“If a partner manages 300 clients, it would be hard for them to effectively serve and manage all of them on their own,” Burns explained in her Accounting Today webinar. “And if they aren’t sharing information with their colleagues, it becomes next to impossible for the firm to provide quality, proactive service to each client as relevant client insights stay with the partner or relationship owner.”
“Everyone has their client base where they do the same thing over and over,” she continued. “However, each client is growing and changing every day. We try to look at existing clients, not just run them through the mill, and have conversations about what they are doing and the services we provide them. We couldn’t have done that without a deep understanding of the information we hold about our clients.”
Trends Every Accounting Firm Needs to Know
Pressing accounting firm business development trends to keep in mind if you want to stay relevant.
15. Customer Experience Rises in Importance
Nearly three-quarters of businesses (72 percent to be exact) reported switching CPA firms due to poor, reactive service. To hold onto clients, firms must commit to embracing and prioritizing the customer experience.
“The more immersed firms are in their clients’ businesses and the more focused they are on truly serving them, the better their chances are of keeping and expanding business with those clients. To succeed in this area, firms must listen to the marketplace and their clients,” Clemmer said.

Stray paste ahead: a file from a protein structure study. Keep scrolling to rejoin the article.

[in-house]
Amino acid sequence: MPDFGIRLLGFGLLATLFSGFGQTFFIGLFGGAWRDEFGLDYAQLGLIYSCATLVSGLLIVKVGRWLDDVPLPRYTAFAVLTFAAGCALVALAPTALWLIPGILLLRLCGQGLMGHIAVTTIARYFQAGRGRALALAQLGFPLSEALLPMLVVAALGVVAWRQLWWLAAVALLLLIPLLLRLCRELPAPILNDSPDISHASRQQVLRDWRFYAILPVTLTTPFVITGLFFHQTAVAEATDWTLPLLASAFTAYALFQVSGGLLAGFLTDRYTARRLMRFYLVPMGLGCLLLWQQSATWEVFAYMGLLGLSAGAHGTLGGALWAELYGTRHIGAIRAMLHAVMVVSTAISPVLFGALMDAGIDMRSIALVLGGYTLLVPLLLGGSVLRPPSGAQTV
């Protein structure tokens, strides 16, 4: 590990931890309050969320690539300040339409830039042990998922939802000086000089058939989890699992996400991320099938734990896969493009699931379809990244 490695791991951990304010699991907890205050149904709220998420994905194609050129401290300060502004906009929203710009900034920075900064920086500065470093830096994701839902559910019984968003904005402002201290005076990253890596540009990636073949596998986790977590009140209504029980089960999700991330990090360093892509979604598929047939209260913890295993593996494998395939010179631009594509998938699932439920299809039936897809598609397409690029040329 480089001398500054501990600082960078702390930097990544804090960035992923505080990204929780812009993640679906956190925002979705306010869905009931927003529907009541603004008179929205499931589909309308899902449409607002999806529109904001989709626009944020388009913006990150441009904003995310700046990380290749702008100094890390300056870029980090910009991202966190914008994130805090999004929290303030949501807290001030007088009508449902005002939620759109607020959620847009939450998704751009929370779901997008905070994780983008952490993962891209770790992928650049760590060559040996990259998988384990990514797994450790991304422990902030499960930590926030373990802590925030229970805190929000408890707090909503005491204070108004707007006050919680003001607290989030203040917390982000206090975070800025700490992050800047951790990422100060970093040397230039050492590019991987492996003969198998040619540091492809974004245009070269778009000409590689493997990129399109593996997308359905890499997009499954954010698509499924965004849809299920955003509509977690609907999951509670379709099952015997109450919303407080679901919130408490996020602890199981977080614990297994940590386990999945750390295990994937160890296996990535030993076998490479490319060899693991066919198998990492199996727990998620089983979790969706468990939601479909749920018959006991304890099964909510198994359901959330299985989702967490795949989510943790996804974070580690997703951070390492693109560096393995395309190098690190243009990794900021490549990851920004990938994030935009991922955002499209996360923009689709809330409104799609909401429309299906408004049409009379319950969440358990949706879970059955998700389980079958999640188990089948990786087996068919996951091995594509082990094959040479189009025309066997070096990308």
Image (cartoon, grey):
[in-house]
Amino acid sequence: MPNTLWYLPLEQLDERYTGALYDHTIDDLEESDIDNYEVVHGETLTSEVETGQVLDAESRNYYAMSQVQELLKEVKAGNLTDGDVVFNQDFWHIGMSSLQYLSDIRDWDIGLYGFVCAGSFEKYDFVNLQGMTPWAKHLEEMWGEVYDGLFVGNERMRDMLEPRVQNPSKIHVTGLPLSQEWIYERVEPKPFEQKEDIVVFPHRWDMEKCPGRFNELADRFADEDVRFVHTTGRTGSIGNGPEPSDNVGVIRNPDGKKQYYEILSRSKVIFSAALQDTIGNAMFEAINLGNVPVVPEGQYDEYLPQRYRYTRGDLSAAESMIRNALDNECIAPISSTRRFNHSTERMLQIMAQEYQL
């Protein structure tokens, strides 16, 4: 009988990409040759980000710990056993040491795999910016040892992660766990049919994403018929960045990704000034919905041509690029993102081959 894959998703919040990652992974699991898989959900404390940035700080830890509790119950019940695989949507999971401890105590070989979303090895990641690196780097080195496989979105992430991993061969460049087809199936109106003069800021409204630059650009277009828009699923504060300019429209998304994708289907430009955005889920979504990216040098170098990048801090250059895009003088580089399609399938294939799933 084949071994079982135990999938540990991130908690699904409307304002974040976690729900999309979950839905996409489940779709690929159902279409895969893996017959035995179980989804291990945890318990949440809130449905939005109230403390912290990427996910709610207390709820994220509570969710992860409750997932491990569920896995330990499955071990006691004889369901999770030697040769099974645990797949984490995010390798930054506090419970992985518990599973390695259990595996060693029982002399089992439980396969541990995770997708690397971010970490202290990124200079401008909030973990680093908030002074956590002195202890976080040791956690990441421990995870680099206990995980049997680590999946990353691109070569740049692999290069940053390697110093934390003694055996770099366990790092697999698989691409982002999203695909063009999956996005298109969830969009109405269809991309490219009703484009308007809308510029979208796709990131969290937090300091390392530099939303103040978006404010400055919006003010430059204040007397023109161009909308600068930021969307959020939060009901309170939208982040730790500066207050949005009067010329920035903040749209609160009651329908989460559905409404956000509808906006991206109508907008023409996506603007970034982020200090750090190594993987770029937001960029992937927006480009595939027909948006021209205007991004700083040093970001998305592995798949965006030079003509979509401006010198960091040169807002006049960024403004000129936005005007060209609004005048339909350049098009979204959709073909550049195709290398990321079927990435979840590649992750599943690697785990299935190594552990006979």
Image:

16. Firms Must Specialize to Differentiate
Clemmer also believes firms need to embrace change by expanding beyond compliance and traditional services. For example, a firm might find greater success specializing in international tax or by exclusively serving a specific industry.
“The more focused a firm, the better it can grow its business,” she said. “In fact, a small firm can compete quite effectively against larger firms by specializing.”
17. Staffing Up for Business Development
Clemmer also sees firms employ different approaches to staffing for business development. Some hire experienced professionals from outside the industry, while others train their existing staff.